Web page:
It used to be that when Wall Street sneezed, international stock markets caught a cold. Since then, the thermometer has moved east. Now it’s China that blows hot and cold on stock prices, at least where luxury is concerned, a situation made abundantly clear in August. There is nothing fortuitous about China’s role as “kingmaker”. The country is already the largest market for luxury goods and forecasters predict that Chinese consumers will account for 50% of global luxury sales in the not too distant future: as early as 2023 for some observers; much later for others. Providing grist to the mill of the latter is the declaration — on August 17th following a meeting of the central committee for financial and economic affairs — by Xi Jinping that “common prosperity is an essential requirement of socialism and a key component of modernisation with Chinese characteristics.”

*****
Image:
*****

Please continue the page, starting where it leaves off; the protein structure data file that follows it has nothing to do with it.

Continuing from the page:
Will “common prosperity”, and all that the concept implies regarding the redistribution of wealth, curb Chinese consumers’ appetite for luxury amid concerns that their disposable income could suffer? China’s extraordinary economic surge has created a wealth gap comparable to that in the United States. In its annual survey, Credit Suisse notes that 1% of Chinese own 30.6% of national wealth. China now has more billionaires – in excess of a thousand – than any other country in the world. At the same time, 600 million Chinese live with less than 1,000 yuan (US$ 150) per month; a figure quoted by Prime Minister Li Keqiang at a press conference in May. Regulations introduced in 2020 against tech giants, resented for their dominant position, and criticism aimed at food delivery services that are accused of exploiting millions of workers, show that the drive for common prosperity is to be taken very seriously indeed.